Recent research suggests that teachers pass through several stages as they integrate technologies into the educational environment (Dwyer, Ringstaff, & Sandholtz, 1991). Consequently, teacher inservice programs should be designed to complement the changes that occur in teacher practice and should be responsive to a teacher population consisting of members at varying stages (Jordon, 1993). A number of models of teacher development in the use of educational technology have been proposed and described in the literature (Beasley & Sutton, 1992; Bowman, 1983; Carrier et al. 1985; Carrier & Lambrecht, 1984; Gray, 1986; Wedman & Strathe, 1985). One of the most commonly cited models in the literature is The Apple Classroom of Tomorrow (ACOT) model (Dwyer et al. 1991). The ACOT model is based upon research findings concerning the experience of 32 teachers and 650 students who have been cooperating in the ACOT research project since 1985. The model contains five stages--Entry, Adoption, Adaptation, Appropriation, and Invention.
The first stage of the ACOT model is the entry stage. During this stage, teachers become accustomed to a transformed classroom--in a physical sense--as computers and other technologies are placed in the classroom. Teachers find themselves dealing with first-year teacher problems-- discipline, resource management, organization, and personal frustration. They still rely heavily on familiar tools such as the chalkboard, textbooks, workbooks, and hand-outs.
The adoption stage is the second stage in the ACOT model. During this stage, teachers become less concerned about how to connect the computers and more concerned about how to use them in the instructional curriculum. At this point, technology is used to support traditional teaching methods--drill and practice, text orientation, whole-group lectures, and seatwork.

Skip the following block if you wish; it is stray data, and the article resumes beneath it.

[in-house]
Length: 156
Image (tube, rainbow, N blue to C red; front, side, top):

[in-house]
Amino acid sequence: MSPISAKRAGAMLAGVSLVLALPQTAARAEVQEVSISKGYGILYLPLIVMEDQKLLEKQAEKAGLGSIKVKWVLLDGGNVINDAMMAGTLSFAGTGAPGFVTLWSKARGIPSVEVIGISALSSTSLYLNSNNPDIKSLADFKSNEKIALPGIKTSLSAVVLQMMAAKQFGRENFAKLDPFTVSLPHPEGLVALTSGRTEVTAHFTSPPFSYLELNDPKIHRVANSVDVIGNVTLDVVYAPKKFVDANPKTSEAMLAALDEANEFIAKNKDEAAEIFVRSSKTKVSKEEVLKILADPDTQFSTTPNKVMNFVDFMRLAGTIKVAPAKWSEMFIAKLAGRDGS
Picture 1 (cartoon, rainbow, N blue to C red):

Stage three is the adaptation stage. During this stage, the technology becomes seamlessly integrated into traditional classroom practice. Traditional pedagogy still dominates but is supplemented 30-40% of the time with the use of word processors, databases, graphics, and computer- assisted instruction. The increased productivity resulting from the use of software tools allows time for the curriculum to be enhanced by additional exploratory activities using the technology.
The appropriation stage is the fourth stage in the ACOT model. During this stage teachers achieve greater personal mastery and confidence with the technology. Teachers' roles begin to shift and new, innovative instructional strategies begin to emerge. Team teaching, interdisciplinary project-based instruction, and individually-paced instruction become common practice. Teachers begin to reflect on their teaching practices, to question old patterns, and to speculate about the causes behind the changes they are witnessing in their students. Students are engaged in collaborative learning activities involving interdisciplinary projects.